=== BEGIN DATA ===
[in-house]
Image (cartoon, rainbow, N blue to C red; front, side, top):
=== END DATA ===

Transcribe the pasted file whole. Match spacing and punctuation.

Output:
[in-house]
Image (cartoon, rainbow, N blue to C red; front, side, top):